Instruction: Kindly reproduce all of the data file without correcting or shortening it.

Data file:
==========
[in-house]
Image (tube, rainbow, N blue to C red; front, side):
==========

[in-house]
Image (tube, rainbow, N blue to C red; front, side):